Performing and Preserving Memories: Vernacular Photographs in the South Vietnamese Diaspora
This thesis explores how photographs from 1980-1995 of the South Vietnamese diasporic community in Orange County, California communicate selective ideas about exilic identity and memory following the militarized migration of this refugee community fleeing war. Focusing on two case studies drawn from photographs included in the Paul Tran Files and the Project Ngọc Records, the thesis investigates the (in)visible desires of the community and how such desires are (re)produced and mediated through images. Vernacular photographs of commemorative events produced by the community are crucial to our understanding of the visual tropes used to anchor the Vietnamese diasporic identity. Additionally, the photographs themselves function as a means of contesting nation building and for intergenerational transmission of memory. Just as importantly, an examination of the photographs’ multi-temporal and serial qualities reveals how youth are culturally disciplined through the gendered labour of memory keeping.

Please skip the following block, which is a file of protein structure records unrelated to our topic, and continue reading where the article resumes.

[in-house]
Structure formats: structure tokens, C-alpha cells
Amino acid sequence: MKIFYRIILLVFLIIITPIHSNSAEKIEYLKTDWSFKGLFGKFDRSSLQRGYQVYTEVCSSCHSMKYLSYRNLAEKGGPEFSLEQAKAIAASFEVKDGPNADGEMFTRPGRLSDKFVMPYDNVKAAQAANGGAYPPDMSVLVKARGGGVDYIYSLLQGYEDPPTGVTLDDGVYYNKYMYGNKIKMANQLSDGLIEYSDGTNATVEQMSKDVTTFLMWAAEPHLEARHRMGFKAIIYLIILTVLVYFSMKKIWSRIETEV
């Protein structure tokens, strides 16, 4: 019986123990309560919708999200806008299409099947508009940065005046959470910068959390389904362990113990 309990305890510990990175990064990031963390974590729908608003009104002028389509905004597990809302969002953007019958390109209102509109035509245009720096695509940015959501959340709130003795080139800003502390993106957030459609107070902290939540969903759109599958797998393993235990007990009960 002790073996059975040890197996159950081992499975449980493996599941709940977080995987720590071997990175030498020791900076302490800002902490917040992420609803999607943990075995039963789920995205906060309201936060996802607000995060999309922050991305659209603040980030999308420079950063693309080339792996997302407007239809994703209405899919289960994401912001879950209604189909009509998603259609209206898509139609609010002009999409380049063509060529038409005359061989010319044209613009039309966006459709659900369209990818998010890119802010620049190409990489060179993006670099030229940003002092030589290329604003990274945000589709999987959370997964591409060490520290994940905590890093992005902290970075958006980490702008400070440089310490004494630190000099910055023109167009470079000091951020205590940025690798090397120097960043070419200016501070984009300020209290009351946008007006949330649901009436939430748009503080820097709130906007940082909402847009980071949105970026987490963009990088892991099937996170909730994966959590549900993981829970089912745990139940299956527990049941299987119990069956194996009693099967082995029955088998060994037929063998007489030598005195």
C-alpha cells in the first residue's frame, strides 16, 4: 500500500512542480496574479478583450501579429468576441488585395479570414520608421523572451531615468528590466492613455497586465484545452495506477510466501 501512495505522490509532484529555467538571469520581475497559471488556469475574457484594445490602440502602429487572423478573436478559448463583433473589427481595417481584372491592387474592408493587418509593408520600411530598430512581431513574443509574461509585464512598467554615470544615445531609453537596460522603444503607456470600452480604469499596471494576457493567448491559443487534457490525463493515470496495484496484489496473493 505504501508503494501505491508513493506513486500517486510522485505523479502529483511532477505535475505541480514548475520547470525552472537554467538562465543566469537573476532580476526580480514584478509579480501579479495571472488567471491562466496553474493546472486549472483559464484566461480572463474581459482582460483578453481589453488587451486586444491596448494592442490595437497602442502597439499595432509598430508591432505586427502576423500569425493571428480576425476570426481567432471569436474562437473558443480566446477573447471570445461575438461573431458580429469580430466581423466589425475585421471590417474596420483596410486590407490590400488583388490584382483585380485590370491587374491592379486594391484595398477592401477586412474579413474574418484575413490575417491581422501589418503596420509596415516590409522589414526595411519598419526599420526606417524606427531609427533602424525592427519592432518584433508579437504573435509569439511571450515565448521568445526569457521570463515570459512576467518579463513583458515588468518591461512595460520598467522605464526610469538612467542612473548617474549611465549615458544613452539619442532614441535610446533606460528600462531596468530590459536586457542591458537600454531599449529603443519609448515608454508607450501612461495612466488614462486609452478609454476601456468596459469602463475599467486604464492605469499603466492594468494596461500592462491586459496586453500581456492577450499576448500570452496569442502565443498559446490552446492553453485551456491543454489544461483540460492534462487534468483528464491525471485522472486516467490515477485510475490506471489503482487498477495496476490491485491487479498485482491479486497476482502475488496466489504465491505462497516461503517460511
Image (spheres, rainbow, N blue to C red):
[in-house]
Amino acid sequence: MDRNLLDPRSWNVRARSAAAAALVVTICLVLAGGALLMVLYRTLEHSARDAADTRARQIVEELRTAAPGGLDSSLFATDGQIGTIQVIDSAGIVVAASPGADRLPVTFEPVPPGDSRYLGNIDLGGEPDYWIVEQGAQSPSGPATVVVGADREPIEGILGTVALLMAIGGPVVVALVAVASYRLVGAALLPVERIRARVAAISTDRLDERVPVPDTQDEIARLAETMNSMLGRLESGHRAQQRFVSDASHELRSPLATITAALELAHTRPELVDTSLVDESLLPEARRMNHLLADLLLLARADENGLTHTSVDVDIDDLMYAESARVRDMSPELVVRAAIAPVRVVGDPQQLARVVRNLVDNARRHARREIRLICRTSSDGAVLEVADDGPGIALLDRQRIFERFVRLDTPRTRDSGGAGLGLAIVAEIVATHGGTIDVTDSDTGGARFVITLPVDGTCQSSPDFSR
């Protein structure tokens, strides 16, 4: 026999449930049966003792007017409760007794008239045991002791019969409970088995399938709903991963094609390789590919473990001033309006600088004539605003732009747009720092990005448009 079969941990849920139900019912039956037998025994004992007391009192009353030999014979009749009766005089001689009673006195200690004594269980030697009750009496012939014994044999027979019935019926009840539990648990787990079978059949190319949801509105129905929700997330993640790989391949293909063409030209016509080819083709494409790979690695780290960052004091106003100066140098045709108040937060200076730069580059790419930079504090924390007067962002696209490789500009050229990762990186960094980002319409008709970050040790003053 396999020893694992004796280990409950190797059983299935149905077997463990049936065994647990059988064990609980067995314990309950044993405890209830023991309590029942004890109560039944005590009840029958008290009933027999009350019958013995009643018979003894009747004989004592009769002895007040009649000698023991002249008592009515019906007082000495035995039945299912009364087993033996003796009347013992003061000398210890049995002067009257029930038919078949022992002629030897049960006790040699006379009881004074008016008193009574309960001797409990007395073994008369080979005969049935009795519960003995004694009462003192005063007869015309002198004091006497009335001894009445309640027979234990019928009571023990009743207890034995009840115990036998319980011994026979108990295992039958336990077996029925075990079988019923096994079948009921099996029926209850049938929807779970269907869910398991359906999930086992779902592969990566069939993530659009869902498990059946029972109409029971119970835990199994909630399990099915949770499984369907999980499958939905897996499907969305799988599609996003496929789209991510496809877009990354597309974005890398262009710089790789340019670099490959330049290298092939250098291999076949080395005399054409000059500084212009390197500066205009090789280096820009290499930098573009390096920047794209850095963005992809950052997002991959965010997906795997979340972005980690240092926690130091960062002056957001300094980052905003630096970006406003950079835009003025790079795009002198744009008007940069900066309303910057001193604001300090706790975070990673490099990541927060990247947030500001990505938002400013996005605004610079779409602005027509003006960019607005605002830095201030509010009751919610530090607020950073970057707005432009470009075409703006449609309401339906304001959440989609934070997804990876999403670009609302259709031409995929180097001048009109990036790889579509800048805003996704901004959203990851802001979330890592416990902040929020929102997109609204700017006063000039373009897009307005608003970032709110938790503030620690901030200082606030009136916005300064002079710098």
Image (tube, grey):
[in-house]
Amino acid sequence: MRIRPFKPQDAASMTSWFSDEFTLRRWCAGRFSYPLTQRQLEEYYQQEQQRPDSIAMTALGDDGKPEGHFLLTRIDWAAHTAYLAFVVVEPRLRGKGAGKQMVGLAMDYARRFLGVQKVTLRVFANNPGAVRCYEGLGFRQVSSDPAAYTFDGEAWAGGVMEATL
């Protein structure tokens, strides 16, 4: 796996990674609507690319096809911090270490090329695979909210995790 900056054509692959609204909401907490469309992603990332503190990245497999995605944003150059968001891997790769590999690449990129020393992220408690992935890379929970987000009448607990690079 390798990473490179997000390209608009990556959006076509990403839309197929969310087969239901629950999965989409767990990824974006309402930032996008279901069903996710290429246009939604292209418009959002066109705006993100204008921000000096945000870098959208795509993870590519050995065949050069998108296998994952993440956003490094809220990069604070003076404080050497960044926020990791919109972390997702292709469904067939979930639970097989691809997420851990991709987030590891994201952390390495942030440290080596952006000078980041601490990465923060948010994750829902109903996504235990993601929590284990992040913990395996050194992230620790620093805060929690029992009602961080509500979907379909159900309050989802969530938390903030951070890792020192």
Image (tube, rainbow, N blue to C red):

Thesis presented to Ryerson University in partial fulfillment for the degree of Master of Arts in Photography Preservation and Collections Management.
Navigating Multiple Histories & Discrepancies in Understanding Nineteenth Century Photography in Việt Nam
Photographs of nineteenth century Việt Nam were often the work of French photographers conducting ethnographic and geographic surveys. Their use of photography as a pseudoscience resulted in ethnographic portraits used to study and categorize Vietnamese peoples as “Other.” To disrupt this visual representation, this working paper investigates the potential opportunities and limitations of establishing a historical account of nineteenth century Vietnamese photography. Challenges that arose in my research include: (1) significant discrepancies between the French and Vietnamese conflicting accounts of photography in Việt Nam; (2) further complexities in the Vietnamese national narrative; (3) my reliance on the accessibility of digital collections, language barriers, and geographic limitations. As a result, my work critiques and investigates how these spaces purport and perpetuate a persistent colonial depiction of nineteenth century Việt Nam.
Independent research paper in fulfillment of the requirements of “19th Century Photographic Practices” graduate course.
Paper presented at un-histories: art and the unconcluded at OCAD University in Toronto, ON, March 10, 2018.